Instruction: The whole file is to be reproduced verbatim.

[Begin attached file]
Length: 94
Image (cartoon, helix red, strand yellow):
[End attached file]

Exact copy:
Length: 94
Image (cartoon, helix red, strand yellow):